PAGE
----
Stronger Than Hate
By Skylar Houck
A Student Writer of Prof. Tippen
( ENG313 NonFiction )
To commemorate the first anniversary of the Tree of Life tragedy, we are publishing an essay written by a student of Professor Carrie Tippen of Chatham University that was originally submitted for Fall 2018 Creative Nonfiction class.
“When I was a little boy and something bad happened in the news,” begins one of Mr. Fred Rogers’ most repeated sentiments, “my mother would tell me to ‘look for the helpers. You’ll always find people helping.’”
I awoke on the morning of October 27 to news of a mass shooting at the Tree of Life synagogue. As the minutes ticked by, casualties rose. Pittsburghers watched reports from their television screens, praying that the death toll would cease to rise. Finally, at 11:08 a.m., after what seemed like an eternity, the numbers were finalized. Eleven dead, seven injured. Countless would be scared for life.
That day, I heard nothing but sirens. Panic filled the streets and desperate texts were sent between friends and family to ensure safety. I wondered how the community could bounce back from a tragedy like this, the deadliest attack on the United States Jewish community. I carried on throughout the day feeling like numerous others: numb, tired, and cynical.
But as long as there is life, there is hope. The day following the mass shooting delivered promises of recovery, all thanks to the hundreds of volunteers willing to extend a helping hand during a time of trouble. I walked the streets of Pittsburgh, broken and despondent. A woman approached me with fliers in hand and a smile on her face. “We’re holding a benefit concert for the Tree of Life synagogue,” she said as she passed me a flier. “Please consider attending. Every donation helps.” Then she was gone, disappearing among crowds in the street, offering fliers and smiles to the most depressed individuals. This woman was not alone. Others immediately began organizing fundraisers, benefit events, and donations to help their neighbors at the Tree of Life.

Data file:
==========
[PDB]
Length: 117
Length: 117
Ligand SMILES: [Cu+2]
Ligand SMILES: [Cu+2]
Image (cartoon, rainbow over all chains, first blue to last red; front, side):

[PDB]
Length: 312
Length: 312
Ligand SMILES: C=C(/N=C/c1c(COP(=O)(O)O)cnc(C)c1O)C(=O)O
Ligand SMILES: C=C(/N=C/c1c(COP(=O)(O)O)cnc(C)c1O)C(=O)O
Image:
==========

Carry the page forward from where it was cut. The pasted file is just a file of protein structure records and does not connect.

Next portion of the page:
Amidst all of the darkness, I saw that it was the helpers who act as our guiding lights. The Tree of Life synagogue rests in Squirrel Hill, the heart of Mr. Rogers’ neighborhood. It is no surprise that the area is a hub of helpers; it is a tight-knit community full of people willing to make sacrifices to ensure the well-being of neighbors.
The stained-glass windows displayed in the Tree of Life synagogue symbolize “how human-beings should care for the earth and one another.” News of the shooting was a rallying cry for Squirrel Hill. I visited Ten Thousand Villages, a fair trade nonprofit venue and the site of one of the many Tree of Life fundraisers. Ten Thousand Villages was different from other stores in that it was staffed almost entirely by volunteers. I had volunteered at the store numerous times and would never forget its inviting atmosphere and the kindness of everyone around me. The store had begun selling candles for $16.00 each with all proceeds going to the Tree of Life. In a matter of days, the one hundred candles were sold out. One hundred and fifty more were ordered and sold out within a week. “Our hearts cry for Shalom,” the candles read along with the hashtag #strongerthanhate.
Pat Harrington, a longtime volunteer and now a manager at Ten Thousand Villages, expressed her thoughts on volunteering. “I feel blessed to volunteer in a place where the nicest people shop and the nicest people volunteer,” she began. “I feel blessed to work in a place where I’m surrounded by beauty. Volunteering at Ten Thousand Villages feeds my soul. I gain more than I give.”
When Pat finished speaking, I gave her a smile. “This is awesome,” I said. “It’s really nothing,” she replied with a laugh. But it wasn’t nothing. I knew that Pat and the other helpers of Squirrel Hill were the glue that held the community together. Pat displayed an immense humbleness that left those around her bubbling with pride and joy; upon walking into the store I could tell that she was one of the many helpers Mr. Rogers spoke of.
I exited Ten Thousand Villages through a door displaying signs that read “No Place for Hate” and “Stronger Than Hate” along with a cross-stitch Star of David. The other storefronts had similar signage in their windows, exhibiting their solidarity and effort to provide a safe space for Jewish communities. Seeing this made me proud of my neighborhood, of my city.
“‘You’ll always find people helping,’” Mr. Rogers’ quote goes. He continues, “And I found that that’s true. In fact, it’s one of the best things about our wonderful world1.” Pat and the countless other helpers have shown me the accuracy behind this statement.
Instead of feeling the overwhelming cynicism, I now go about my daily walk through Squirrel Hill reminded of hope and thankful for the helpers. Hand-knit Stars of David line trees and telephone poles up Murray and Forbes Avenue. “They were made and sent here from all over the world,” a woman explained to me when she found me studying the stars. She had handfuls of more stars and offered one to me. “Put it somewhere special where everyone can see.”
I thought deeply about where to stick my star. All of the helpers of Squirrel Hill filled my mind, the individuals who do whatever it takes to keep people smiling and hopeful, and I found myself smiling despite everything. It hit me that all of Squirrel Hill was special to me. The neighborhood had a special place in my heart, and the helpers made sure that it would stay that way.
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